The Cable

Fed Up With Trump, Mexico’s President Cancels His Visit to Washington

Mexico keeps insisting it is not paying for Trump’s wall.


Amid a tense political standoff, Mexican President Enrique Peña Nieto canceled next week’s visit to Washington to meet with President Donald Trump.

“This morning we informed the White House that I will not attend the meeting scheduled for next Tuesday with the POTUS,” the Mexican president said in a statement on (where else?) Twitter.

On Wednesday, Trump issued an executive order to build a wall on the U.S.-Mexican border, just as Mexican Foreign Minister Luis Videgaray was in town. Ordinary Mexicans responded to what was an obvious diplomatic insult by strongly suggesting Peña Nieto cancel his Jan. 31 Washington, D.C. meeting with Trump.

They were joined by former Mexican president and avid Twitter user Vicente Fox, who had some colorful opinions about Trump’s wall.

On Thursday, the White House announced it would pay for the wall by imposing a 20 percent tax on all Mexican imports. It did not give any further details on the tax or how the tax would be implemented.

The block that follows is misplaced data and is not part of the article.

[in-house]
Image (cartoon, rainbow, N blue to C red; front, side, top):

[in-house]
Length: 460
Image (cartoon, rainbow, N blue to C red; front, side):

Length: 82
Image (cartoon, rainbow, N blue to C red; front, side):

The decision to skip his meeting with Trump was an abrupt about-face for Nieto, who Wednesday night said the visit was still on. But on Thursday morning, Trump took to Twitter to say that, if Mexico would not reimburse the United States for the wall — estimated to cost anywhere between $20 billion and $40 billion, and of doubtful efficacy in any event — it would perhaps be better if Peña Nieto were to cancel.

And so Peña Nieto did.

Trump also made renegotiation of the North American Free Trade Agreement a major talking point, insisting that Mexico takes economic advantage of the United States. That renegotiation was expected to be under discussion at the meeting, but now the meeting is not to be.

In September last year, Trump traveled to Mexico to meet with Pieto and smooth over their differences. It didn’t go play so well with Nieto’s voters, and his popularity has sunk to about 12 percent.

Maybe spurning Trump’s invite and fanning Mexican nationalism will help turn that around.

This article has been updated.

Photo credit: Hector Vivas/LatinContent/Getty Images

Robbie Gramer is a diplomacy and national security reporter at Foreign Policy@RobbieGramer

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